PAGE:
Home Other Shujaat Bukhari’s assassination unites the sub-continent in grief

Shujaat Bukhari’s assassination unites the sub-continent in grief

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UN High Commissioner for Human Rights, Zeid Ra’ad Al Hussein, has expressed his “extreme sadness” at the killing of senior Kashmir journalist and editor-in-chief of ‘Rising Kashmir’, Shujaat Bukhari, last week in Srinagar. While delivering the opening statement at the 38th session of the Human Rights Council in Geneva, Zeid said,

“I am tremendously saddened by the assassination last week of Shujaat Bukhari, a courageous human rights defender actively working for peace, through his participation in the Track Two diplomacy seeking to help both India and Pakistan put an end to the violence.”

The Editorial Protest

On June 19, 2018, after a two-day holiday on the evening of Eid ul Fitr, major newspapers in Jammu and Kashmir “for the first time in decades” protested the killing of the journalist by leaving their editorial sections blank. Newspapers which joined this protest were Greater Kashmir, Kashmir Reader, Kashmir Observer, Rising Kashmir which had been edited by Bukhari till his killing, and Urdu newspapers including the Tamleel Irshad.

The office of Bukhari’s newspaper, ‘Rising Kashmir’, was a magnet for literary and cultural activists owing to its reputation of being the finest newspapers based in Kashmir. The whole of the journalistic world, including the UN, Kashmir, Pakistan and India, mourned and expressed their grievances over Bukhari’s death.

Under Zeid’s chairmanship, the OHCHR published its first-ever 49-page report just a day ahead of Bukhari’s killing, pulling up India and Pakistan for gross human rights violations on both sides of Kashmir. The report asked Indian security forces to exercise maximum restraint, repeal AFSA and advocated self-determination rights of Kashmiris among others. The report complains about permission being denied for unfettered access to the UN watchdog on both sides of the line of control in the past two years.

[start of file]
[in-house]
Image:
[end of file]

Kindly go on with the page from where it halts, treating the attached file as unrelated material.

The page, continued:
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Pakistani militant group Lashkar-e-Taiba was quoted as having “strongly condemned” the killing and blaming it on the “enmity” of “Indian agencies” towards every individual who is “loyal to the freedom movement”. Several Indian political outlets also paid their condolences. News reports said that besides Bukhari, some 18 other journalists had “been killed due to the conflict – either directly targeted or caught in the crossfire – while several more have been injured.

Bukhari left Behind a Legacy

Bukhari, Born in Kreeri, a serene village in Baramulla, was an endeared personality amongst fellow journalists and a strong votary of Indo Pak friendship. He has been called the ‘voice of sanity’ in the valley of Kashmir by many and his numerous efforts influenced scores of followers, but unfortunately also attracted an almost equal number of foes. Some of these foes had been consistently trolling, abusing and threatening to kill the journalist on continuing to voice his pro-peace views – in fact, he had reportedly survived three assassination attempts before the final event last Thursday.

Newspapers which joined this protest were Greater Kashmir, Kashmir Reader, Kashmir Observer, Rising Kashmir which had been edited by Bukhari till his killing, and Urdu newspapers including the Tamleel Irshad.

The difference in the extreme opinions of the crowd, however, is a solid proof of the man’s true and impartial editorial work. Shujaat has been, time and again, praised for his deep understanding of the nuances in the Kashmir situation and standing upright with his voice in the face of the right wing. The office of Bukhari’s newspaper, ‘Rising Kashmir’, was a magnet for literary and cultural activists owing to its reputation of being the finest newspapers based in Kashmir.

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The whole of the journalistic world, including the UN, Kashmir, Pakistan and India, mourned and expressed their grievances over Bukhari’s death. The irony, however, lies in how even on his deathbed, as in his lifetime, Shujaat (Arabic for courage) remained a unifying force for the original subcontinent.

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